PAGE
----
Do what is requested. Hopefully the process is “survivor led”, that is the person you hurt will provide requirements for you to fulfil. See this as just one aspect of your process however, not the be all and end all, so make changes to yourself on your own initiative. Self improvement is not something we should be doing when we are told to because we fucked up, it should be a part of our every day lives.
Learn & Listen to how the other person(s) feel. I took what people said to me seriously, but it didn’t really sink in. I was too caught up in my own emotional turmoil, shame and guilt to care about anyone else. For me, reading up on the subject helped. One thing I did was go on to zinelibrary.info the Anarchist library and print off everything I could find on the subject. I read and read until it consumed me, until I couldn’t think about anything else. Maybe I took it too far, on reflection I used it as self-flagellation. But there are loads of great zines to read, some of which I have mentioned here. When I read them some said the same things that the people I hurt had said, and then I could begin to understand what they had meant, to understand their anger. All the zines I mention here are available for free online. Use these resources, they will not get mad at you, they exist to help so read everything you can
Be open and honest. This is very hard and something that I am still struggling to do. It is also important to maintain anonymity of any people who require it. I started with close friends, they were nice about it but always agreed with everything I said. For me, progress began when I told people I trusted but didn’t know that well. I was surprised at how sportive they were while still being able to look at my situation objectively and critically analyse my progress and actions within the process. For me this was the biggest leap forward, it is hard but the most positive step I took.
Re-author your identity. I came across the concept in Todd Augusta-Scott’s article “Letters From Prison: Re-Authoring Identity with men who have perpetrated sexual violence”, in the pamphlet “As If They Were Human”. I have not come across this idea in any of my other reading yet it is pretty clear to me that this is vital to the process of restoration. It is this concept alone that gave me the desire to continue with the process when I wanted to walk away.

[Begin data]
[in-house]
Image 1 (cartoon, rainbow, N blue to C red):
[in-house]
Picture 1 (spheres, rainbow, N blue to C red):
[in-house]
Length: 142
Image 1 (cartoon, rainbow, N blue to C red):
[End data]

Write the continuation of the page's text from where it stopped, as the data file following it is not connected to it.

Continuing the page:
Do not believe your identity is fixed. The language of accountability is intimidating: Abuse, violence, assault, victim, perpetrator, rape etc. Many times I felt there was simply no point in continuing, as nothing I could do would make any difference, it would never be enough, I was just a bad person. Augusta-Scott describes how within this generally heteronormative process, it can feel that men are totalised to a one-dimensional “perpetrator” identity, and women are reduced to the one dimensional identity of “survivor”. It is our opportunity to challenge this kind of gender essentialism existent in the process. Not via rape apologism, point scoring arguments or refusal to engage, but via actively embracing the process in order to take steps to re-author our identity.
One area I disagreed with my mediator (the person who was the go between and support for both myself and the person I hurt) about was when he said, in reference to my actions and behaviours: “This is part of who you are.” Well, no. Though I accept what I think he was getting at, which is that I should not hide from what happened, and the process of self betterment and accountability is an ongoing process, why do these identities have to be a part of who I am? Why can’t they be a part of who I was? Without the opportunity for re-authoring identity provided by the accountability process and our community as a whole then there is little incentive to engage in accountability. If we brand every one with no hope of rehabilitation or restoration, then we lose all hope of real justice and just re-create the system we seek to dissolve.
Restitution. Re-authoring identity does not serve to mitigate responsibility for the seriousness of the hurt caused. It instead provides us the ability to face our actions, be able to stop repeating our hurtful behaviours and to address the affects our actions have had on others.
Augusta-Scott highlights that restitution does not carry any entitlement for forgiveness or reconciliation. As it is sometimes unlikely to be able to take steps for restitution directly with those hurt, I found giving something back to the community was a way to move towards restitution, such as forming an anti patriarchy group or otherwise taking steps to challenge the systems that lead to sexual violence and breaches of consent. For me, writing this article is part of that process. I hope people will read this, and I hope it will help them in their journey of accountability, and that as a community we can move towards the world we want to see.
Engaging in such a process is hard, but the right thing to do.